Tuesday, October 26, 2010

Too Out Of Shape For Birth?

Here's another little gem from the blog, My OB Said What?.  It covers the common misperception among obstetric caregivers that fat women are too "out of shape" to give birth vaginally and/or naturally. 
“You are quite overweight and you need to be healthy to naturally birth a baby. You wouldn’t make it because you would get puffed out and tired.”
-OB to overweight mom who wanted a natural birth
This is a very common belief among many people, both lay and medical.  The idea is that you have to be in great athletic shape in order to give birth naturally. 

There are two problems with this. 

First is the common assumption that "overweight" and "obese" women never get any exercise and therefore this mother couldn't possibly be in decent shape. (The corollary, of course, is that all average-sized women obviously do get exercise and are always more fit than fat folk.)  Neither is true.

Second is the assumption that you have to be fit in order to give birth naturally, that labor and birth is like running a marathon and only the most fit and tough can do it naturally.  Baloney.  Fitness helps, but it's no guarantee either way.

Assumption: "Obese" Women Never Exercise And Aren't In Shape

Many doctors and laypeople assume that fat people never exercise and can't possibly be in decent shape.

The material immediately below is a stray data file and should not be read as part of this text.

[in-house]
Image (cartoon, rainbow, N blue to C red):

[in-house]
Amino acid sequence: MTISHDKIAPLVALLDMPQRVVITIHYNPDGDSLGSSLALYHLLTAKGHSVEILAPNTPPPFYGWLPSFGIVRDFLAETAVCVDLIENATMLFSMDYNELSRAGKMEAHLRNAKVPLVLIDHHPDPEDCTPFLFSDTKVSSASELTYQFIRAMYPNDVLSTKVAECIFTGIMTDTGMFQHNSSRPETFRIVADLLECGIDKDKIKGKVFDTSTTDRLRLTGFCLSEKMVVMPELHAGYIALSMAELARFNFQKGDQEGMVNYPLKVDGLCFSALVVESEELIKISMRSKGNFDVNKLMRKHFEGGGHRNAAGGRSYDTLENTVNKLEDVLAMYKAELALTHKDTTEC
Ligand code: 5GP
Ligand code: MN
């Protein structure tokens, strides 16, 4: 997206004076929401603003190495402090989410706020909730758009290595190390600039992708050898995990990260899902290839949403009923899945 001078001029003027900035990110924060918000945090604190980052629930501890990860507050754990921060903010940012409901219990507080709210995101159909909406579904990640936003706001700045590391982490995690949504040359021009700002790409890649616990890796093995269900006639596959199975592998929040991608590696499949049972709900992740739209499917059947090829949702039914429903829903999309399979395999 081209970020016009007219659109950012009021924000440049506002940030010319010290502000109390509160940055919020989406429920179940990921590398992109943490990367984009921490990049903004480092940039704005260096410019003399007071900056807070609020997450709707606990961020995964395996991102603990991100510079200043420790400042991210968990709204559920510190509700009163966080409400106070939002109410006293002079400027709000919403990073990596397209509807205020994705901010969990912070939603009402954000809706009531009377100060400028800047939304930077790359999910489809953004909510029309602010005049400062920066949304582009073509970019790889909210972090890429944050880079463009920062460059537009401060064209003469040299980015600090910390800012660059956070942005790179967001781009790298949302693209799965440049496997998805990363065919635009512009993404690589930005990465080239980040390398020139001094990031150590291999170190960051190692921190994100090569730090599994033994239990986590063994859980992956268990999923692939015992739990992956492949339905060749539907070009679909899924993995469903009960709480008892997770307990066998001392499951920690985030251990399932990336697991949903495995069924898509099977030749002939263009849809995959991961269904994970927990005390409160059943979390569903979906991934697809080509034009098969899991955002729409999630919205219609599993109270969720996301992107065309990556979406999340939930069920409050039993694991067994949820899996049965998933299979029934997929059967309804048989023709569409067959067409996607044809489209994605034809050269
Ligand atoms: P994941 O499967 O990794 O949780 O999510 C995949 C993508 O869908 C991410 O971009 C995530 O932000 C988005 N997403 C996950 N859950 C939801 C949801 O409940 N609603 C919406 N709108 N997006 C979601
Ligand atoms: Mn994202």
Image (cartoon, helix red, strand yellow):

This is nonsense.  Many fat women do exercise and of course, many skinny ones do not.  You can't tell by looking at body size who gets exercise and who does not. 

It goes back to that common societal belief that if you are fat, it must be because you don't eat well and don't exercise at all.  Anyone who made any real effort at it would obviously be "normal-sized" or pretty darn close to it.  Therefore, in that mode of thinking, all fat people are, by definition, not fit.

I would agree that it's possible that fat people, on average, may be less fit than average-sized people....certainly fatness can be more physically challenging in some ways (especially as we age), there are many barriers to exercise for people of size, and some fat people really are sedentary....but you just cannot make assumptions about individuals based on size.  I know "overweight" and "obese" people who run, bike, and hike regularly and are very fit.  I also know ones who are not.  But you can't really tell by looking.

This doctor should not be making assumptions about fitness level based simply on the mother's size.

Assumption: Only The Most Fit Can Birth Naturally

Although I think it's true that it helps to be reasonably fit for pregnancy and birth, it's certainly not a requirement for normal vaginal birth.  The uterus is a muscle and works independently of the fitness of the rest of the person.